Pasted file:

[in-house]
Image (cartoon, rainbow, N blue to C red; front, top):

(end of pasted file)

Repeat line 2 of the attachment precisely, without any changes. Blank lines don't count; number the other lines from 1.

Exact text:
Image (cartoon, rainbow, N blue to C red; front, top):